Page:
exhibition business in the UK, Europe, Australia and South Africa in the 1980s.
He is a director of Thomson Directories and Southnews, a publisher of regional newspapers; chairman of MAID Systems, an on-line data service; and a director of Hill Samuel, the merchant bank, where he leads a team advising clients in the media sector. He is to become chairman of the Institute of Directors next month.
MY former colleague, Lord Rees-Mogg, has already told of his biggest mistake - when, as editor of the Times, he agreed to the shutdown of the newspaper in 1978, without having what he called 'a Wapping-type solution' in sight.
As the then deputy chief executive of Times Newspapers, I was asked halfway through that year-long shutdown to find alternative printing arrangements outside the UK. My biggest mistake was in concentrating on the technical and practical problems involved in printing abroad and not paying sufficient attention to the political environment where we eventually chose to go.
After numerous secret excursions to the United States and the Continent, three alternative printing centres emerged: Frankfurt, Miami, or a country site in Virginia. Each had the technical capability, the capacity and the will to do the job - at a cost that the project could cover.
It was eventually decided that Frankfurt was the preferred choice. First, because less travelling time was involved for staff who had agreed to help get out what was planned as an international edition of The Times. We were also influenced by the fact that the printworkers at the Frankfurt subsidiary of Tercuman, the Istanbul daily, were mostly members of a print union, unlike those in the US plants, so the move would be considered 'less provocative'.
Inevitably, the secret location was discovered and a UK print union sent out an executive member to seek help from German counterparts in blocking the printing of the paper. That mission was unsuccessful, but what I didn't know was that the Frankfurt region was then a hotbed of heavy-handed revolutionary organisations, which would embrace the chance to disrupt the printing of a capitalist newspaper being produced against the wishes of UK print unions.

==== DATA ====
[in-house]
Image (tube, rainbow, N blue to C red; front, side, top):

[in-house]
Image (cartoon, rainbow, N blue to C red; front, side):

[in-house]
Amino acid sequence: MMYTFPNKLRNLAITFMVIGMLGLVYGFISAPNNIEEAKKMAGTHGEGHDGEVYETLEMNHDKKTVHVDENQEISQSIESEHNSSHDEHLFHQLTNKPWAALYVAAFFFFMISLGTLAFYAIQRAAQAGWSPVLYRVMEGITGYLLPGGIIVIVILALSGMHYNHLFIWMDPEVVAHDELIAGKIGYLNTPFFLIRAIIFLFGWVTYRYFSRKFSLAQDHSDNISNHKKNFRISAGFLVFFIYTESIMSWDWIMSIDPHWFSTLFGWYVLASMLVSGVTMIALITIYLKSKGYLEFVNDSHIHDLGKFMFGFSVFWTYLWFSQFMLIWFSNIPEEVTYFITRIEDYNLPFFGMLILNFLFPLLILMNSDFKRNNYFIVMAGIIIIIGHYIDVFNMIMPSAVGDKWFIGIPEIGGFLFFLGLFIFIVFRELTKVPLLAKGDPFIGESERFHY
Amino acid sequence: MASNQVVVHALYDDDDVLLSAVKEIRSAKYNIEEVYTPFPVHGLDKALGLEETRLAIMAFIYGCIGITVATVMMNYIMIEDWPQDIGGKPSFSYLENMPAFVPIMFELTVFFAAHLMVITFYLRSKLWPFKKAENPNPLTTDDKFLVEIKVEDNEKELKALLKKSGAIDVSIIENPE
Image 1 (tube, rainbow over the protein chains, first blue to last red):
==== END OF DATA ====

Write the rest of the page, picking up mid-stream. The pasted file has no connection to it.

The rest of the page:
More than a hundred menacing pickets gathered as the print run was being prepared. Immediately before printing was due to begin, an attempt was made to blow up the plant. Several days later, the plant-owner's car was machine-gunned on the way to the office (he was unhurt).
We did manage to print 10,000 copies of the paper on the first day, but the local police chief told us that, while he might be able to mobilise 500 policemen, the pickets could grow to 1,000 - or even 10,000 on the following May Day weekend - and that 'there would be a big fight, and it would be bloody'.
We decided it would be wrong to put any lives at risk for the sake of further issues of the Times, and Frankfurt was abandoned as a printing centre.
What we should have done in the first place or even later was to print in Miami or Virginia. If we had gone to either, there would have been no likelihood of bloody confrontations. And although the freight and travel costs would have been higher, they would have been offset by lower printing costs.
What the unhappy episode taught me is that you must look at a problem in the round and at the whole environment - not just at the logistics.
In retrospect, given the intelligence resources available to the Times, it was perhaps an extraordinary mistake to have made.
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